In the example we gave above with $1,500 total credit, you’d be best using no more than $450 of that credit each month if you want to keep your ratio at 30% or less. The more or less credit you have available, the more or less you can spend and keep your ratio in check. Here’s a quick summary of how much of your credit you should aim to use depending on your credit limit:

  • Credit limit of $300: Aim to use $100 or less

  • Credit limit of $500: Aim to use $150 or less

  • Credit limit of $1,000: Aim to use $300 or less

  • Credit limit of $2,000: Aim to use $600 or less

However, this is just a rule of thumb — and it represents an upper limit rather than a target. Some experts say you should aim to go below 5%.


What is the average credit utilization?

Just because "most people" are doing something doesn’t mean that you should do it, too, or feel bad for failing to measure up, but understanding “the norm” can be helpful.

One 2016 study of FICO Scores found that the median utilization rate in the U.S. is 15%, which is a decent ratio. However, it seems that the average ratio varies strongly depending on the credit scores of the individuals studied. For instance, those with exceptional credit scores (above 800) have an average credit utilization rate of just 4%.

How to use less of your available credit

If you’re worried that you normally have a credit utilization ratio above 30%, don’t panic. There are ways to remedy your situation.

The most straightforward solution is to ask for a credit limit increase. Provided you’ve been diligent with avoiding late payments and consistently paying off your balance, there’s a good chance that you could get an increase.

But there’s another solution. Credit bureaus only receive information about where your credit card balance stands at the end of your billing cycle. So, if you pay some of your balance early (before the statement closing date), you will have a lower credit utilization ratio.

Benefits of a good credit utilization rate

We’ve told you how credit scores are determined, and we’ve revealed the expert consensus on how much of your credit you should use. Yet we’ve only skimmed the surface when it comes to why it matters. 

A lower credit utilization rate means you’re perceived as less risky by credit card companies, boosting your credit score. Having an excellent credit score has two principal advantages: It increases your chances of getting accepted for financial products and it means that you receive better terms after being approved.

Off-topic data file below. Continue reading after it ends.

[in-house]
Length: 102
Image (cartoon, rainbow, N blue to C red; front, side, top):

When you have a good credit score and apply for a new credit card, issuers are more likely to give you a lower APR. This means you’ll face lower interest charges if you don’t pay off your credit card bill at the end of the month. 

Because it makes you a more attractive borrower, a good credit score gives you access to the best credit cards, which might have perks like cash back. It also increases your chances of getting approved for a mortgage.

In some cases, even your landlord or a potential employer may check your credit report, which contains information about factors like credit utilization.

Master your credit

Although figuring out how much of your credit to use might seem like a trivial question at first, it can have wide-ranging implications for your financial health. Try to stay below 30%, and go even lower if you can.

If you’re committing to tidying up your credit utilization ratio, you need to be extra careful to stay on top of your credit cards — something that’s a good idea for everyone. To help you along with that mission, consider using Tally’s† credit card repayment app. The app consolidates your higher-interest credit into a single, lower-interest line of credit and manages your payments, ensuring that you always make your payments on-time.

To get the benefits of a Tally line of credit, you must qualify for and accept a Tally line of credit. The APR (which is the same as your interest rate) will be between 7.90% and 29.99% per year and will be based on your credit history. The APR will vary with the market based on the Prime Rate. Annual fees range from $0 - $300.